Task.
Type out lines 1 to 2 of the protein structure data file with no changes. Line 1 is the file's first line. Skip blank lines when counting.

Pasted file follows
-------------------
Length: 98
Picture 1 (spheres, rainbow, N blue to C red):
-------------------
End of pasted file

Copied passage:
Length: 98
Picture 1 (spheres, rainbow, N blue to C red):